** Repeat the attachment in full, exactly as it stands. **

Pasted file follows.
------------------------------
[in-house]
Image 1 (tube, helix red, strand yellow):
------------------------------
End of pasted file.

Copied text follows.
[in-house]
Image 1 (tube, helix red, strand yellow):